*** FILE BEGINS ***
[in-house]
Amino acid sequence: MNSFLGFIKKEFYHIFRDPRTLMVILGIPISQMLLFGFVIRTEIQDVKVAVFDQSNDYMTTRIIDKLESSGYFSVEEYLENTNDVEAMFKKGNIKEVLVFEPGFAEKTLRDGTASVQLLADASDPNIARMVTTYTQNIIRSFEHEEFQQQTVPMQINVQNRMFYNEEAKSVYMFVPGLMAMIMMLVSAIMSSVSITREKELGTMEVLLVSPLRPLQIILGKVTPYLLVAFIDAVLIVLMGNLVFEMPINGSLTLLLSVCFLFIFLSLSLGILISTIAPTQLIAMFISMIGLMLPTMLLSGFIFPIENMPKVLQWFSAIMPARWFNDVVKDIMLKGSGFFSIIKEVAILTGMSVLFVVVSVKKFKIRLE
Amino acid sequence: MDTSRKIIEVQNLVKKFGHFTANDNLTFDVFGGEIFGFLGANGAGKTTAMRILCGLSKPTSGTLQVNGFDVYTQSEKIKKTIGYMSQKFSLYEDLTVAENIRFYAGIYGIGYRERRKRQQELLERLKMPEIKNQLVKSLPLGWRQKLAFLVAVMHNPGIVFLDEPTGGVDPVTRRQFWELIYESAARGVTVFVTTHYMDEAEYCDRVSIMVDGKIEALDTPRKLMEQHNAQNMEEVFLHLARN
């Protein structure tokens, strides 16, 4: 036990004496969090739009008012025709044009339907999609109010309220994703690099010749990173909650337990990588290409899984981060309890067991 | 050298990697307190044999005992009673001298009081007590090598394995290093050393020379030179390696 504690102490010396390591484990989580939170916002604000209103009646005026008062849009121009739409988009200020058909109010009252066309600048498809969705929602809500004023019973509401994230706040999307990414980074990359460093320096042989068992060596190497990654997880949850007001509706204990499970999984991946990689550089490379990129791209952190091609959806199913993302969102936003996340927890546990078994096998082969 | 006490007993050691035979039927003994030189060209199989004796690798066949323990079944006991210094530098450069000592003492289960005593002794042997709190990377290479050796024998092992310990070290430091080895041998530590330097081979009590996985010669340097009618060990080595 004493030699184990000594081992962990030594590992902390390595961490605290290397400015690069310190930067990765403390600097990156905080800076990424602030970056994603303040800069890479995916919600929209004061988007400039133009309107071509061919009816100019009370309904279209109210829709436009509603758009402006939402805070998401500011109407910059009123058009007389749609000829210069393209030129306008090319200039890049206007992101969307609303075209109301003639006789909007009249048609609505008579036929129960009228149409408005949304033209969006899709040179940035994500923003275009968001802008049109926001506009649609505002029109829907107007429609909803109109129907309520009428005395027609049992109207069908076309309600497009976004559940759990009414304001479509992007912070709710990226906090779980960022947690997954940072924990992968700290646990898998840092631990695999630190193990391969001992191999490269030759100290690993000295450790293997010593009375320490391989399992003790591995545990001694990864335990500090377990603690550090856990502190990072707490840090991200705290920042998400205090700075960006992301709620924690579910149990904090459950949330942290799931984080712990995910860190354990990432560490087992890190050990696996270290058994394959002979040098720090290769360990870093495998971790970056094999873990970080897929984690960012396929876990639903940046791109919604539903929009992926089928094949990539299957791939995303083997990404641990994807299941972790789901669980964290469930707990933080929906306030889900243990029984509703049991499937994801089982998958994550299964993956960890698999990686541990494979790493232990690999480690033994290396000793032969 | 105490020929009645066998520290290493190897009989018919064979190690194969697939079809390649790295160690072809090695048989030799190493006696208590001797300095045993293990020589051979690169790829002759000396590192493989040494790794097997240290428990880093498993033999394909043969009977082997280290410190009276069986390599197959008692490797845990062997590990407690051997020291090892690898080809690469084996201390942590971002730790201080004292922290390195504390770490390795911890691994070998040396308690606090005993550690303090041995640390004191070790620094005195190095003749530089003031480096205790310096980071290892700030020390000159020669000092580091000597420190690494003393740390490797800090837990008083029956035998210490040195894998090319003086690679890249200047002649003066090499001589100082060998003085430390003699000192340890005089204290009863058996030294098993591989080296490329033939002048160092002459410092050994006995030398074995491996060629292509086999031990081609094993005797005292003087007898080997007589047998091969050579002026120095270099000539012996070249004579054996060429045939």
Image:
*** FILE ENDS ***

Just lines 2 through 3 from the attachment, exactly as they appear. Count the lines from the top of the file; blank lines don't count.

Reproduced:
Amino acid sequence: MNSFLGFIKKEFYHIFRDPRTLMVILGIPISQMLLFGFVIRTEIQDVKVAVFDQSNDYMTTRIIDKLESSGYFSVEEYLENTNDVEAMFKKGNIKEVLVFEPGFAEKTLRDGTASVQLLADASDPNIARMVTTYTQNIIRSFEHEEFQQQTVPMQINVQNRMFYNEEAKSVYMFVPGLMAMIMMLVSAIMSSVSITREKELGTMEVLLVSPLRPLQIILGKVTPYLLVAFIDAVLIVLMGNLVFEMPINGSLTLLLSVCFLFIFLSLSLGILISTIAPTQLIAMFISMIGLMLPTMLLSGFIFPIENMPKVLQWFSAIMPARWFNDVVKDIMLKGSGFFSIIKEVAILTGMSVLFVVVSVKKFKIRLE
Amino acid sequence: MDTSRKIIEVQNLVKKFGHFTANDNLTFDVFGGEIFGFLGANGAGKTTAMRILCGLSKPTSGTLQVNGFDVYTQSEKIKKTIGYMSQKFSLYEDLTVAENIRFYAGIYGIGYRERRKRQQELLERLKMPEIKNQLVKSLPLGWRQKLAFLVAVMHNPGIVFLDEPTGGVDPVTRRQFWELIYESAARGVTVFVTTHYMDEAEYCDRVSIMVDGKIEALDTPRKLMEQHNAQNMEEVFLHLARN